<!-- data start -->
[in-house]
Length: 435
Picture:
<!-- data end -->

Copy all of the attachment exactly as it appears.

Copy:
[in-house]
Length: 435
Picture: